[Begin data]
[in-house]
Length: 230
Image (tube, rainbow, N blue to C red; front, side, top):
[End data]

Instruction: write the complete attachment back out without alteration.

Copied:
[in-house]
Length: 230
Image (tube, rainbow, N blue to C red; front, side, top):